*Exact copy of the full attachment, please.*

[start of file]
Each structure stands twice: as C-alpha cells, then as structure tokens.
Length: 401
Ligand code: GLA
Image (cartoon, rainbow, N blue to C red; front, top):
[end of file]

Each structure stands twice: as C-alpha cells, then as structure tokens.
Length: 401
Ligand code: GLA
Image (cartoon, rainbow, N blue to C red; front, top):